Syrian troops backed by Hezbollah fighters on Sunday pressed a counteroffensive against rebels near President Bashar al-Assad's coastal heartland, a monitoring group said.
The Syrian Observatory for Human Rights said that more than 100 fighters have been killed in three days of intense clashes in the Sahl al-Ghab region of central Hama province.
The area borders the Latakia province, a bastion of support for Assad and home to his ancestral village.
A rebel alliance including Al-Qaeda's Syria affiliate, Al-Nusra Front, launched an offensive late Monday against Sahl al-Ghab, in a push threatening a string of pro-regime Alawite villages.
The rebel alliance, Army of Conquest, seized more than a dozen strategic hilltops and other positions, including a power plant, before being pushed out by pro-government forces, said the Observatory.
"In the past three days, the army has been able to take back nearly 50 percent of the areas it had lost," said Rami Abdel Rahman, director of the Britain-based monitor.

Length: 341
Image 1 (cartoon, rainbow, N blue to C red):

The 72 hours of clashes killed at least 73 rebels and 42 regime forces, including Hezbollah fighters and members of the National Defence Forces militia allied with the government, he told AFP.
On Sunday, regime aircraft conducted air raids on rebel positions while on the ground the two sides traded heavy rocker fire and mortar rounds, Abdel Rahman said.
Sahl al-Ghab also borders the province of Idlib to the northwest, a vast majority of which is under the control of the Army of Conquest.
The Alawite sect, an offshoot of Shiite Islam, is the faith to which Assad adheres.